Will Weissert, an AP correspondent based in Havana, traveled with his wife to China for a wedding -- and ended up spending a week in quarantine. His account of the quarantine, here and with pictures beginning here, is very interesting on the nuts and bolts of how the system works. It's not a complaint, though there are some complaining details. Mainly a chronicle, with details I hadn't seen elsewhere.

Here is his wife in the quarantine-hotel room, as Chinese officials take notes on her condition.

Quarantine.jpg

And here is the intro to his account of how they ended up in this situation:

My wife and I are in perfect health, but after flying to China for my college friend's wedding we're being quarantined in a remote hotel for seven days. The reason: Our flight from our home in Havana included a layover in Cancun, and China is taking no chances with swine flu.

Never mind that we were in Cancun for only two hours, that we didn't leave the airport and that Mexican doctors with electronic thermometers checked us for fever on arrival and departure. Never mind that when our Continental Airlines flight from Newark touched down in Shanghai, we and everyone else on board were not allowed to leave our seats until health workers clamored aboard and pointed a blue beam at our foreheads to take our temperatures.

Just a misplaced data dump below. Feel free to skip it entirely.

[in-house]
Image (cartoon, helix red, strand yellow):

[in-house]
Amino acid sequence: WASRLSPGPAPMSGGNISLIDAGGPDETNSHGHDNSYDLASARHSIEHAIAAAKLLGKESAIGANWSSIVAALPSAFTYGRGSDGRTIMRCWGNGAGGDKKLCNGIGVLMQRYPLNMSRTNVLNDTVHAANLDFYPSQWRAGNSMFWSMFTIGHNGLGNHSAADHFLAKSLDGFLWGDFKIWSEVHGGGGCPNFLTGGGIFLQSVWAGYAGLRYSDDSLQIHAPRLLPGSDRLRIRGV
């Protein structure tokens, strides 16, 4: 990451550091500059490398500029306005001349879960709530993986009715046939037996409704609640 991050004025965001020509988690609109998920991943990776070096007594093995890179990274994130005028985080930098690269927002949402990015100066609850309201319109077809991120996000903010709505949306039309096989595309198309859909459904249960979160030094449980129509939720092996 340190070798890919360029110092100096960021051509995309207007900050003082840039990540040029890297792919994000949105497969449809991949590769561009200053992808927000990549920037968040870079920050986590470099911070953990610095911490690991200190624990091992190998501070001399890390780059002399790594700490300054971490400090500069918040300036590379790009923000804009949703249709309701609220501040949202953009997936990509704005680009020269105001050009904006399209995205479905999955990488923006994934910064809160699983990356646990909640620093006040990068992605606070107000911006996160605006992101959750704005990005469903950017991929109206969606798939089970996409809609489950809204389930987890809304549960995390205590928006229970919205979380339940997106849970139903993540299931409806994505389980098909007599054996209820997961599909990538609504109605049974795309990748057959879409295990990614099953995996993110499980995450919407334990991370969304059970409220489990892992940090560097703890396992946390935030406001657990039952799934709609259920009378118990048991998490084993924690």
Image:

The Mexican stamps in our passports -- my wife is Chilean, I'm American -- are enough for authorities to pull us out of line at immigration and send us to a medical room where attendants in white lab coats take our temperature yet again and give us surgical masks...

After 3 1/2 hours, a man in uniform -- speaking by phone with a communist official everyone calls "the leader" -- announces we will be confined to a hotel room for seven days.

We say we'll simply fly back home. He tells us that isn't possible.

Worth reading the rest. (Thanks to Daniel Lippman.)

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